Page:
Photoshop Tutorials
The Design Center, Photoshop Department: Type In Your Face   / face.html

TYPE... in your face

with Al Ward

continued from previous page

Now that the type is in place, we need to somehow make the subject appear to be made of type.

Certainly we could use select and delete, but I am increasingly leery of destroying layer information. A mask will allow us to keep the model's face intact. Create a layer mask for the model layer just above the background.

Rather than starting with white/reveal in the mask, select the mask and fill it with Black to hide the layer.
(Now open diagram 17 to see Fill settings)

Now Command/Control+Click on the type layer to generate a selection of the type. Render the type layer invisible, and return to the Layer Mask.
(With the type active; select the black layer mask and use "fill contents white" to knock the type out of the photo via the layer mask... below.)

white type
As shown above, by filling the selection with white in the layer mask, you reveal only the portions of the layer that are in the shape of our text. (Which was still selected)

Create a new layer beneath the masked layer. Deselect the type, (Cmd/Ctrl D) and fill the new layer with Black.

The resulting effect should be looking something like this.

As you can see, by taking away so much of the image, the face is barely discernable and the color appears, well, nearly non-existent. No worries -- we can fix that in a couple steps.
Before we work on enhancing the color, I want to make a quick adjustment and make the eye visible. For what reason? I just think it would look cool.

Now the eye...

the eyeTo make the eye reappear, set white in the foreground color and then paint over the eye in the mask.
      Select the mask and "reveal" the eye again by painting with white over that area in the mask. You may want to adjust the hardness and size of the brush, being careful not to extend too far beyond the eye.

Notice in this diagram image how I've painted white directly into the mask to reveal portions of the eye as seen at right. Once you're done, it should look like this.

Adjusting Color

With the eye revealed, I'm content to begin correcting the color and contrast of the digital face. To do this, I'll primarily use duplicates of the layer itself, and Blending Modes. First, duplicate the face layer. Set the Blending Mode of this new layer to Overlay, 100 % opacity.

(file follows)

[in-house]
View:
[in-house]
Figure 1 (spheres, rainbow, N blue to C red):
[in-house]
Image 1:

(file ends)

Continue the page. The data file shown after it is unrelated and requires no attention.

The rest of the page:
Duplicate the layer again to brighten it up further, only set the Blending Mode to Screen and the Opacity to 60% or so (set this to taste -- it will vary from photo to photo).

The image can be additionally enhanced with the inclusion of a Levels adjustment layer, keeping an eye on the image while moving the sliders. I'll leave the result up to you -- this adjustment is in no way written in stone. In my example, the color and contrast has been increased considerably.

Fine tuning the image

selectionIt occurs to me that, in this image at least, it may look better without the neck, hair, etc revealed. With the Polygonal Lasso, I'll select those areas and fill the masks for the face layers with Black. Filling the actual layer with black will work also -- just be careful the selection is not too jagged.

Now, click here to see my final image. (Large file, wait for it to load.)

As a parting shot, here's what my Layers Palette looks like at the final step

Learning Photoshop

Once you get past the learning curve and understand the tools at your disposal (and how to apply them), design of this nature becomes about 10% technique, and 90% imagination. Imagination and Photoshop are the spokes that keep my wheels turning, and I hope this tutorial helps spark the creativity in you as well.

If you enjoyed this effect, I encourage you to check out my website ( as well as the books listed below.

Take care, and I'll see you at

Dig deeper into Photoshop image editing with Al Ward's Photoshop for Right-Brainers: The Art of Photo Manipulation. Al has been on the Photoshop scene for some time with other books like the Photoshop Productivity Toolkit; and Photoshop Most Wanted (two editions) with other leading authors like Colin Smith and Scott Kelby.


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